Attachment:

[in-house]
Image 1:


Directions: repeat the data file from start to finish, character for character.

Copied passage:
[in-house]
Image 1: